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Plenary to focus on supporting moms, babies exposed to opioids :

July 9, 2019

Editor's note:The 2019 AAP National Conference & Exhibition will take place from Oct. 25-29 in New Orleans.

Stephen W. Patrick, M.D., M.P.H., M.S., FAAP, often thinks back to an infant he cared for about two years ago. The newborn had classic signs of drug withdrawal: irritability, rapid weight loss, loose stools and vomiting. The baby’s mom, however, denied using opioids in pregnancy.

When the drug screen came back about a week later, the umbilical cord was positive for buprenorphine.

The case, Dr. Patrick said, illustrates how the lack of access to substance use treatment is leading to medication diversion for self-treatment. It also highlights the stigma around opioid use.

“As I walked in to talk to this mom, her first response was, ‘Is my baby going to get taken away?’” said Dr. Patrick, director of the Center for Child Health Policy and assistant professor of pediatrics and health policy at Vanderbilt University School of Medicine. “This issue of stigma around substance use oftentimes drives people away from being forthcoming about substance use. For me, it was important to understand the layers of complexity of what was happening around these women.”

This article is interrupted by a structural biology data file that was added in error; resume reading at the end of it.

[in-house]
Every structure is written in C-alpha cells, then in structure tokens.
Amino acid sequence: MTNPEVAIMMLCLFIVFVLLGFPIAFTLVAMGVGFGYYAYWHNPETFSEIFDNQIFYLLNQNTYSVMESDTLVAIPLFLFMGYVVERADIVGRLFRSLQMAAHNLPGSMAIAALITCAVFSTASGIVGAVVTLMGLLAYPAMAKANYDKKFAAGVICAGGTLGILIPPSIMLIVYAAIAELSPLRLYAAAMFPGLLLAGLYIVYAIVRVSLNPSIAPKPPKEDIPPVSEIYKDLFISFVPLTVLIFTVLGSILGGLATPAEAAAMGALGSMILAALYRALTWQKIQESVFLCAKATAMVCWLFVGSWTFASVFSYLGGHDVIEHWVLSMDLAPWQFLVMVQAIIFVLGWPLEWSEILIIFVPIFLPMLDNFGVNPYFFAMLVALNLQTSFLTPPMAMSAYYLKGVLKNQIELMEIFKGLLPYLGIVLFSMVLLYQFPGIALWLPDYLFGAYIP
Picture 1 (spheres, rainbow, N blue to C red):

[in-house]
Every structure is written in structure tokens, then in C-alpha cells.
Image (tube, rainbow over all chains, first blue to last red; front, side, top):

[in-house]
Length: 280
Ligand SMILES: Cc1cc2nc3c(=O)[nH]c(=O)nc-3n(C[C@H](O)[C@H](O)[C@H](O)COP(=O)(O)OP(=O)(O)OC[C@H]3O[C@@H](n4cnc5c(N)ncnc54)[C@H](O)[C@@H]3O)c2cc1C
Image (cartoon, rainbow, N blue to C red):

Dr. Patrick will discuss the importance of focusing on both moms and babies during his plenary talk titled “Newborns Exposed to Substances: Understanding Their Needs and Supporting Their Caregivers” (P3112) from 11:10-11:30 a.m. Sunday, Oct. 27 in the Great Hall of the convention center. 

In 2016, about one infant was born every 15 minutes in the U.S. with opioid withdrawal, according to a study published in Pediatrics.  

During the session, Dr. Patrick will review clinical aspects of caring for these babies; evidence for rooming in and breastfeeding when appropriate; and how to improve systems of care inside and outside the hospital. He also will emphasize the importance of looking at the opioid crisis from a public health standpoint.

“Oftentimes, I see us as a community very focused on just the hospital stay and just on reducing length of stay,” said Dr. Patrick, a member of the AAP Committee on Substance Use and Prevention and Section on Neonatal-Perinatal Medicine. “I think we need to look beyond that and think about how we can have improvements to care for moms before birth and improvements for infants for years to come.”

Dr. Patrick also will present “Family-Centered Care for Neonatal Abstinence Syndrome (A3221)” with Alison V. Holmes, M.D., M.P.H., FAAP, from 4-5:30 p.m. Sunday, Oct. 27.

For more coverage of the 2019 AAP National Conference & Exhibition, visit

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